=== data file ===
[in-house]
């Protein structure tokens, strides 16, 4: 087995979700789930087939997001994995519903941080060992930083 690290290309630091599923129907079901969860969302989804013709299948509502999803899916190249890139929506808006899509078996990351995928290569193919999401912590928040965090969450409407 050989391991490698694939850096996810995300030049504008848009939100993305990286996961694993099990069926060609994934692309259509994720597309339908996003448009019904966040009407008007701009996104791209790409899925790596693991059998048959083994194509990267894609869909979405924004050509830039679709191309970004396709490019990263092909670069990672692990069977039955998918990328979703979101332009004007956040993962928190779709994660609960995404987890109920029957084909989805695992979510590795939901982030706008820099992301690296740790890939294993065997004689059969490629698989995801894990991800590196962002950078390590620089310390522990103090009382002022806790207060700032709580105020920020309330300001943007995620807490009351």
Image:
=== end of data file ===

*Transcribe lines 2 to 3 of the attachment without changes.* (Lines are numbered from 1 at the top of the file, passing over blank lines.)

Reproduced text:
């Protein structure tokens, strides 16, 4: 087995979700789930087939997001994995519903941080060992930083 690290290309630091599923129907079901969860969302989804013709299948509502999803899916190249890139929506808006899509078996990351995928290569193919999401912590928040965090969450409407 050989391991490698694939850096996810995300030049504008848009939100993305990286996961694993099990069926060609994934692309259509994720597309339908996003448009019904966040009407008007701009996104791209790409899925790596693991059998048959083994194509990267894609869909979405924004050509830039679709191309970004396709490019990263092909670069990672692990069977039955998918990328979703979101332009004007956040993962928190779709994660609960995404987890109920029957084909989805695992979510590795939901982030706008820099992301690296740790890939294993065997004689059969490629698989995801894990991800590196962002950078390590620089310390522990103090009382002022806790207060700032709580105020920020309330300001943007995620807490009351």
Image: